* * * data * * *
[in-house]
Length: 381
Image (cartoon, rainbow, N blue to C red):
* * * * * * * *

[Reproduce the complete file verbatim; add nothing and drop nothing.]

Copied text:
[in-house]
Length: 381
Image (cartoon, rainbow, N blue to C red):